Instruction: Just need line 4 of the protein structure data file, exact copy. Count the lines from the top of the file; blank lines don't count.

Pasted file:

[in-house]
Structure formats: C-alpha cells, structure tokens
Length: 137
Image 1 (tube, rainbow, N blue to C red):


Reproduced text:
Image 1 (tube, rainbow, N blue to C red):